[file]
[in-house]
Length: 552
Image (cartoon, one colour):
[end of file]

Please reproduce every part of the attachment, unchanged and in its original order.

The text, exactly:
[in-house]
Length: 552
Image (cartoon, one colour):